By Amy Gillespie, Physiotherapist
For most of us out there, the idea of telehealth or digital physiotherapy is a very new idea. I must admit, even for myself as a physio when I heard of digital physiotherapy, I wasn’t sure how it would work. Telehealth has been thrown into the mainstream due to the COVID-19 pandemic which has meant that all physiotherapy clinics in New Zealand are closed currently. Both doctors and other health practitioners such as physiotherapists have been advised to use telehealth where appropriate to treat patients. We know from the evidence that this is an effective way of treating and that most patients experience a higher satisfaction rating with the treatment, but it is still a very new and ‘out-there’ idea for people to wrap their head around.
So, if you have decided that this telehealth thing might be helpful for you and your injury or condition you may have one big question…but how does it actually work??? I mean, we are all fairly familiar with how a normal consultation works, you head into the clinic, fill in a few forms, wait a few minutes (hopefully only a few!) and then go in to the consultation room, where your physiotherapist asks a barrage of questions, does a physical assessment on you, forms a diagnosis and then undertakes some treatment (usually some hands on or manual therapy and some exercises to head away with as well as lots of useful advice and reassurance)…but how does that then transfer to the digital setting? Digital physiotherapy compared to face-to-face physiotherapy in essence, it is quite similar. We still do the thorough assessment to come up with a diagnosis and then undertake treatment minus the hands on (although we can teach you some hands-on techniques to try). With the digital model however, we are able to harness technology to make things a lot more seamless for the patient.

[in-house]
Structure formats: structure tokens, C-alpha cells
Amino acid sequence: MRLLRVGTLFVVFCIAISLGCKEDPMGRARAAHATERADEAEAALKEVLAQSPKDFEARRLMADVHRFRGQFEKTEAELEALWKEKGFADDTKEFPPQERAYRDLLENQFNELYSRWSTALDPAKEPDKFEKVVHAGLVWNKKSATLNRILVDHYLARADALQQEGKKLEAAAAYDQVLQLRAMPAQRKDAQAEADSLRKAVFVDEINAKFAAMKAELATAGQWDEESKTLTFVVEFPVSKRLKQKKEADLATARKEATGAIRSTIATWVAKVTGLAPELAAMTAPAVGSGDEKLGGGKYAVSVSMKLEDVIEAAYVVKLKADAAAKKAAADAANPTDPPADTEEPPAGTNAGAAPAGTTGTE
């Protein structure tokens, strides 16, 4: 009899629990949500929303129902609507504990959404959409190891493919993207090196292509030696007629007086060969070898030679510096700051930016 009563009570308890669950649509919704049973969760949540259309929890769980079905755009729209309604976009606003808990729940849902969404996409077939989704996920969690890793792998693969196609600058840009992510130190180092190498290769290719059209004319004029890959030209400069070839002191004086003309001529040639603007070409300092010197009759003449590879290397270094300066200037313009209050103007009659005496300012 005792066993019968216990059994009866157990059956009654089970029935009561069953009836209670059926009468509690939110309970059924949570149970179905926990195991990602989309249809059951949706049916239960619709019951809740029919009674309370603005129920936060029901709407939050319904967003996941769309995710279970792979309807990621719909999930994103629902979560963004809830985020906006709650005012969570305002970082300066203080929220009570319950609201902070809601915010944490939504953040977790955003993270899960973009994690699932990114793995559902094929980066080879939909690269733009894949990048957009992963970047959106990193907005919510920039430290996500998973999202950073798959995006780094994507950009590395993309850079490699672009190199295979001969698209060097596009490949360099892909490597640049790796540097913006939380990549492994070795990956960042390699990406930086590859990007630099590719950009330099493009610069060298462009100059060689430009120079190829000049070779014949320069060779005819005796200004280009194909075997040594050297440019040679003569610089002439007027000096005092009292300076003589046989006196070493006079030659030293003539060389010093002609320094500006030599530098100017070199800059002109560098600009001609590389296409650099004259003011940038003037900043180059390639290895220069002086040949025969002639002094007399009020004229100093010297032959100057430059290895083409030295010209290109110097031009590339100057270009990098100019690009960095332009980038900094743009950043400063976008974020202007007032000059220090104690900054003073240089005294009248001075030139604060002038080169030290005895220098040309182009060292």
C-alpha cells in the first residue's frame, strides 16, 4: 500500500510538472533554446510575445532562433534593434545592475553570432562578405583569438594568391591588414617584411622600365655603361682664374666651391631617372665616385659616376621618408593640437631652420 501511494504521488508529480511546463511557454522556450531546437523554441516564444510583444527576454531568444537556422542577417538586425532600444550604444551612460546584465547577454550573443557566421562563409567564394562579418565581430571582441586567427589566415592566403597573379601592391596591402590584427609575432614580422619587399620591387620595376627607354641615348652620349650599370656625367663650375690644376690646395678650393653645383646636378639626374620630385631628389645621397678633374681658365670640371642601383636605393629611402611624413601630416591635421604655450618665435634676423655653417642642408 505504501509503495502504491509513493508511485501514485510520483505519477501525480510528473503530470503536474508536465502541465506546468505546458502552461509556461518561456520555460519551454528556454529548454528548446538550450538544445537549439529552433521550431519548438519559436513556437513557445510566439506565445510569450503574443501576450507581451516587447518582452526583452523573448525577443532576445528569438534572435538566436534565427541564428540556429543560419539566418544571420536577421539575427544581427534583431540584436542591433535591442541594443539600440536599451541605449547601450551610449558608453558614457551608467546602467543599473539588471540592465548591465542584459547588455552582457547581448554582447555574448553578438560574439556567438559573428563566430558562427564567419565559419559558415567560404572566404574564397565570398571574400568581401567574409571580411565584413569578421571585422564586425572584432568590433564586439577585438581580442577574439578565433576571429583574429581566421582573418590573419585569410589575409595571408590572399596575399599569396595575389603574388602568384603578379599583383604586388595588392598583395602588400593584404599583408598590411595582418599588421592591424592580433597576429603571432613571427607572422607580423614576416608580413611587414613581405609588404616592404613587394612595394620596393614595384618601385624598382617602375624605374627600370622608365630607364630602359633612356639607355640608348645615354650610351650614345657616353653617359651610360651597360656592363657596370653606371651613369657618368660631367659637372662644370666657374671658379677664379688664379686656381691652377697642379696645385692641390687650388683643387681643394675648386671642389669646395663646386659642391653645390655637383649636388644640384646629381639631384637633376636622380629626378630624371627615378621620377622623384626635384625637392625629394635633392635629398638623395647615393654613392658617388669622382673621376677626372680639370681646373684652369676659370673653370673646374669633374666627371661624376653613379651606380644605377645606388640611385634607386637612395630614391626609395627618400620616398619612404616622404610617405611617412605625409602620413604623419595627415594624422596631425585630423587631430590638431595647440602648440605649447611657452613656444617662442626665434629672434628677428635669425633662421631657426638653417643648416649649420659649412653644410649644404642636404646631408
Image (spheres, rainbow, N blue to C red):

Once you start your consultation, there are two assessment forms to complete and we use conversational-style forms that are individualised depending on how you answer the questions. So, that means you don’t have to answer questions that aren’t relevant to you and your injury. The subjective form, is all about your injury or condition and is much like the start of a face-to-face physiotherapy session where you will sit down and answer questions from the physiotherapist or tell your story about your injury. The subjective assessment gives us the most vital information about your injury and potential diagnosis. After the subjective assessment, we might have some further questions, so if this is the case we will email back and forth until the physiotherapist has all the information they need. The second assessment form is the objective assessment, this is used to help give us some baseline information about how well you are able to move and function before we have a video call. This helps to further confirm diagnosis and get a gauge on your functional status. Once this is undertaken you are given a link to our online booking calendar to book in a time for your video call.
When we undertake the video consultation we use a secure platform and this will be a one-on-one call which lasts 30 minutes on average. We use this time to discuss the results of your assessments and then formulate a treatment plan. The treatment plan will generally involve exercise based rehabilitation as well as education about your injury/recovery and self-management advice (things that you can do to help with your condition). Once we have completed the video consultation, we will send through a management plan. This document highlights what we have talked about in the vide consultation, outlining the diagnosis, recovery timeframes and treatment. We use an app called PhysiApp that gives you access to your exercise programme, with the ability to watch videos of these exercises, so that you know you are performing them correctly. It is also from within PhysiApp that we are able to then continue to converse securely back in forth quickly, much like you would with SMS, so any questions you have you are encouraged to ask them regularly. We are able to progress your exercise programme as required during your access period. Once we come to the end of your access period, if necessary there is the option to extend this, or if you are back to where you want to be, we will discuss what exercises might be helpful to continue on with to help decrease the chance on any recurrences in the future.
The online physiotherapy process is really seamless and fits around your life, such as kids or work schedules. Any questions, feel free to get in touch with me at firstname.lastname@example.org.